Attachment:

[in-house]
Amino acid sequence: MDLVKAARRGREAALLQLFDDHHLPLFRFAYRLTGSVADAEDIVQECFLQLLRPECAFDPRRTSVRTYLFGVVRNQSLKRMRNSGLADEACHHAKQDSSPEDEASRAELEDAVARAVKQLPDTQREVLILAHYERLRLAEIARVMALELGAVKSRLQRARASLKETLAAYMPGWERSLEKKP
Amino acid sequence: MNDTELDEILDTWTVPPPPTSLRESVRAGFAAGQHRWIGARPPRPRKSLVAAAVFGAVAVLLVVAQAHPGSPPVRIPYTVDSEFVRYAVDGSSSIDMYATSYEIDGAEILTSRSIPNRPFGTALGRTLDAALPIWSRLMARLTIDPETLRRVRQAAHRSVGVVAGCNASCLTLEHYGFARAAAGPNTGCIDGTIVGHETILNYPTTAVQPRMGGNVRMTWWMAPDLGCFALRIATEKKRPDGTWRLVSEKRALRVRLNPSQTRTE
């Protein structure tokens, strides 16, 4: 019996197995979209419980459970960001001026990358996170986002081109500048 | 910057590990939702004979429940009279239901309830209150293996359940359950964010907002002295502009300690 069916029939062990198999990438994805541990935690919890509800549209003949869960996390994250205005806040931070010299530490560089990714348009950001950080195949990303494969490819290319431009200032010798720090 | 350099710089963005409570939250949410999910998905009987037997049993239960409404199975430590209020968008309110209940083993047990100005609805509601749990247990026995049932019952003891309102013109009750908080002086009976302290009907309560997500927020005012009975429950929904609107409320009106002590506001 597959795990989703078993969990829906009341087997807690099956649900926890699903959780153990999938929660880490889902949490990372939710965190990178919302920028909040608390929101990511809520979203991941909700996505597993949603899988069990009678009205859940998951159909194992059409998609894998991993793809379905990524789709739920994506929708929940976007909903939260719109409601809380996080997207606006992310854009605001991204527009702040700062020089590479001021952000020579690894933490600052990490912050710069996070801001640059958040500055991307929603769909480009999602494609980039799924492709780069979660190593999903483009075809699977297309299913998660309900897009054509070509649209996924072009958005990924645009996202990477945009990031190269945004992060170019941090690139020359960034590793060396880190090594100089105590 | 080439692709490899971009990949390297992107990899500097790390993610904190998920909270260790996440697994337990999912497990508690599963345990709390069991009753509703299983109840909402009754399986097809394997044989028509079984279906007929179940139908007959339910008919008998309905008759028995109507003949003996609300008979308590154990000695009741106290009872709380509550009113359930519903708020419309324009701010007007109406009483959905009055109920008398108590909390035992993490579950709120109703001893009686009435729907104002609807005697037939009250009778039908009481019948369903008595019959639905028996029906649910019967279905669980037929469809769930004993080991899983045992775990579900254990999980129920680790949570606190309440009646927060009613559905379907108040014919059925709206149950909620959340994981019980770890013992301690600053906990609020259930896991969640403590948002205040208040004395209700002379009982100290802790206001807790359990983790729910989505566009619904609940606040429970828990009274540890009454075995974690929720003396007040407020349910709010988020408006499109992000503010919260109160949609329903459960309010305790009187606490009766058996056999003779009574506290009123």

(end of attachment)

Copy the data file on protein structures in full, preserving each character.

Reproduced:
[in-house]
Amino acid sequence: MDLVKAARRGREAALLQLFDDHHLPLFRFAYRLTGSVADAEDIVQECFLQLLRPECAFDPRRTSVRTYLFGVVRNQSLKRMRNSGLADEACHHAKQDSSPEDEASRAELEDAVARAVKQLPDTQREVLILAHYERLRLAEIARVMALELGAVKSRLQRARASLKETLAAYMPGWERSLEKKP
Amino acid sequence: MNDTELDEILDTWTVPPPPTSLRESVRAGFAAGQHRWIGARPPRPRKSLVAAAVFGAVAVLLVVAQAHPGSPPVRIPYTVDSEFVRYAVDGSSSIDMYATSYEIDGAEILTSRSIPNRPFGTALGRTLDAALPIWSRLMARLTIDPETLRRVRQAAHRSVGVVAGCNASCLTLEHYGFARAAAGPNTGCIDGTIVGHETILNYPTTAVQPRMGGNVRMTWWMAPDLGCFALRIATEKKRPDGTWRLVSEKRALRVRLNPSQTRTE
């Protein structure tokens, strides 16, 4: 019996197995979209419980459970960001001026990358996170986002081109500048 | 910057590990939702004979429940009279239901309830209150293996359940359950964010907002002295502009300690 069916029939062990198999990438994805541990935690919890509800549209003949869960996390994250205005806040931070010299530490560089990714348009950001950080195949990303494969490819290319431009200032010798720090 | 350099710089963005409570939250949410999910998905009987037997049993239960409404199975430590209020968008309110209940083993047990100005609805509601749990247990026995049932019952003891309102013109009750908080002086009976302290009907309560997500927020005012009975429950929904609107409320009106002590506001 597959795990989703078993969990829906009341087997807690099956649900926890699903959780153990999938929660880490889902949490990372939710965190990178919302920028909040608390929101990511809520979203991941909700996505597993949603899988069990009678009205859940998951159909194992059409998609894998991993793809379905990524789709739920994506929708929940976007909903939260719109409601809380996080997207606006992310854009605001991204527009702040700062020089590479001021952000020579690894933490600052990490912050710069996070801001640059958040500055991307929603769909480009999602494609980039799924492709780069979660190593999903483009075809699977297309299913998660309900897009054509070509649209996924072009958005990924645009996202990477945009990031190269945004992060170019941090690139020359960034590793060396880190090594100089105590 | 080439692709490899971009990949390297992107990899500097790390993610904190998920909270260790996440697994337990999912497990508690599963345990709390069991009753509703299983109840909402009754399986097809394997044989028509079984279906007929179940139908007959339910008919008998309905008759028995109507003949003996609300008979308590154990000695009741106290009872709380509550009113359930519903708020419309324009701010007007109406009483959905009055109920008398108590909390035992993490579950709120109703001893009686009435729907104002609807005697037939009250009778039908009481019948369903008595019959639905028996029906649910019967279905669980037929469809769930004993080991899983045992775990579900254990999980129920680790949570606190309440009646927060009613559905379907108040014919059925709206149950909620959340994981019980770890013992301690600053906990609020259930896991969640403590948002205040208040004395209700002379009982100290802790206001807790359990983790729910989505566009619904609940606040429970828990009274540890009454075995974690929720003396007040407020349910709010988020408006499109992000503010919260109160949609329903459960309010305790009187606490009766058996056999003779009574506290009123």